- New images from the world's largest solar observatory show a sunspot in never-before-seen detail.
- An image and a sped-up video show powerful magnetic fields meeting hot gases boiling from below the sun's surface.
- The Inouye Solar Telescope could one day help scientists predict dangerous eruptions on the sun.
- Visit Business Insider's homepage for more stories.
Stunning new imagery of an enormous dark spot on the sun looks like a heart or flaming flower.
The sunspot — where strong magnetic fields meet hot gases boiling up from within — is roughly 10,000 miles across. That's wide enough for Earth to have some wiggle room inside it.
The world's largest solar observatory, the Daniel K. Inouye Solar Telescope on the Hawaiian island of Maui, captured the phenomenon in unprecedented detail on January 28. The National Science Foundation, which owns the telescope, released the image and a video of the sunspot on Friday.
"The sunspot image achieves a spatial resolution about 2.5 times higher than ever previously achieved, showing magnetic structures as small as 20 kilometers on the surface of the sun," Thomas Rimmele, associate director at the NSF's National Solar Observatory, which operates the telescope, said in a press release.
Sunspots form in areas where the sun's magnetic field is so powerful that it lowers the atmospheric pressure, which in turn lowers the temperature. In this case, the dark spot is a cool 7,500 degrees Fahrenheit.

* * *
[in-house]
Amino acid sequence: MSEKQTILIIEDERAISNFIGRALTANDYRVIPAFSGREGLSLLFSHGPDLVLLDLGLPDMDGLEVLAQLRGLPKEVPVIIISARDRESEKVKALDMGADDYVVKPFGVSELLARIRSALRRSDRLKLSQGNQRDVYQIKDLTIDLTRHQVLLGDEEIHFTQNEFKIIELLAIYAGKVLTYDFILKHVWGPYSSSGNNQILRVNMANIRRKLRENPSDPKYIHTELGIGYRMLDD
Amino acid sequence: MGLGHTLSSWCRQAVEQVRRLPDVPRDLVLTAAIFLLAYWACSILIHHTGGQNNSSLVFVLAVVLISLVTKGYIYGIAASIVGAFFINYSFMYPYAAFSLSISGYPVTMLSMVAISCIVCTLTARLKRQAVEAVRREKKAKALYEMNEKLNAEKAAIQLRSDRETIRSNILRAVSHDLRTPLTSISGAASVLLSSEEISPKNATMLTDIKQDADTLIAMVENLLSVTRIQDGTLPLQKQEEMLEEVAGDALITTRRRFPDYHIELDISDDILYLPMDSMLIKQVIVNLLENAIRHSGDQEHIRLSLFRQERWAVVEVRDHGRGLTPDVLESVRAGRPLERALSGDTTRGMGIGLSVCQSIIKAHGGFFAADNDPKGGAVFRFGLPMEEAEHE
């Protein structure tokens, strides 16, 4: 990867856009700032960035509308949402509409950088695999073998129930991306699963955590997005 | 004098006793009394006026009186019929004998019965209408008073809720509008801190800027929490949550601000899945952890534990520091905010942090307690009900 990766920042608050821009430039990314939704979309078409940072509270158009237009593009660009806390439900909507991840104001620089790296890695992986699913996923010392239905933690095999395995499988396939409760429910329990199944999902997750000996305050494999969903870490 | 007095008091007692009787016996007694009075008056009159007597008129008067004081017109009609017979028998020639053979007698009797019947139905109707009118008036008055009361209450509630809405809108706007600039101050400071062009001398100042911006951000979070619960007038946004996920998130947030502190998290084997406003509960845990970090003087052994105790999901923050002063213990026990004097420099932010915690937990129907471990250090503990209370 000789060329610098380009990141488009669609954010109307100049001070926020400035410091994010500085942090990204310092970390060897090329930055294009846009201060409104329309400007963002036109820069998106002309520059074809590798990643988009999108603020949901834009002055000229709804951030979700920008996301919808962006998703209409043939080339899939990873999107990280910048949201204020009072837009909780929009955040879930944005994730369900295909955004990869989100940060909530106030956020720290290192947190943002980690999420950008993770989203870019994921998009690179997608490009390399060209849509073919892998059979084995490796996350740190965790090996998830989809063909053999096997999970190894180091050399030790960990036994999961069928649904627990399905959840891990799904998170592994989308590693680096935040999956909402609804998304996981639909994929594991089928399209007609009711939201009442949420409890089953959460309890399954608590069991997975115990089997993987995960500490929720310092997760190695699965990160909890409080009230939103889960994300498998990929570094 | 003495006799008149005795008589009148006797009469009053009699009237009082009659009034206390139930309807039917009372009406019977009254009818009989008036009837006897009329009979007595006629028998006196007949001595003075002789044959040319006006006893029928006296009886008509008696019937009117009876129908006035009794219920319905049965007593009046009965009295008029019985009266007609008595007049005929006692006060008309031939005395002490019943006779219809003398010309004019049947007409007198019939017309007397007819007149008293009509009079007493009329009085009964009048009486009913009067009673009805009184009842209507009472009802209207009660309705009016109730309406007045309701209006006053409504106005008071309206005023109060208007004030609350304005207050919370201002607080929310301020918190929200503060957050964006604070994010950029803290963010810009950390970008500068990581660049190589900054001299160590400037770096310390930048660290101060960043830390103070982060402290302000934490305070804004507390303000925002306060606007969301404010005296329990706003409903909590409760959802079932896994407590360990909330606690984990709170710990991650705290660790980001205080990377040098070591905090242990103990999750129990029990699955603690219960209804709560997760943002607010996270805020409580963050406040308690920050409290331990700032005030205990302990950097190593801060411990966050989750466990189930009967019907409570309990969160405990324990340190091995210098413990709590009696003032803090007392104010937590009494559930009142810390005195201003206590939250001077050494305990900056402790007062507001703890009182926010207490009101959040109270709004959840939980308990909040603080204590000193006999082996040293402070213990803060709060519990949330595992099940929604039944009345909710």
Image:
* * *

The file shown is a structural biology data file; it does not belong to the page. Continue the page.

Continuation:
The flower-petal-like streaks splaying out from the dark spot come from the interaction between the magnetic fields and hot gases bubbling up from below the surface.
This roiling action is visible in the video clip below. It captures about one-and-a-half minutes of real-time solar activity, compressed into just four seconds. The frame is about 12,000 miles across.
Inouye could help predict violent eruptions on the sun
The Inouye telescope made a splash when it released its first observations in January. Though the telescope was not yet finished, its first images of the sun were clearer than those of any prior telescope.
This powerful lens could help scientists unravel the mysteries of space weather and even predict solar events that could be dangerous to humans.
That's because the entire solar system sits within the outer reaches of the sun's atmosphere. Magnetic, electrically charged particles from the sun constantly wash over the planets in a steady stream called solar wind. This magnetic stream creates aurorae as it interacts with Earth's atmosphere. But violent explosions on the sun send out surges of electrically charged particles that can damage crucial technology.
By using Inoye to study the dynamics of these events, scientists could start to predict them.
Inouye could also help solve major mystery: why the sun's corona is up to 500 times hotter than its surface. Astronomers have been struggling to understand this phenomenon since the 1940s.
Construction on the telescope was supposed to finish in June of this year, but the pandemic pushed it back to 2021.
"The start of telescope operations has been slightly delayed due to the impacts of the COVID-19 global pandemic," David Boboltz, NSF's program director for Inouye, said in the release.
But he added that "this image represents an early preview of the unprecedented capabilities that the facility will bring to bear on our understanding of the sun."
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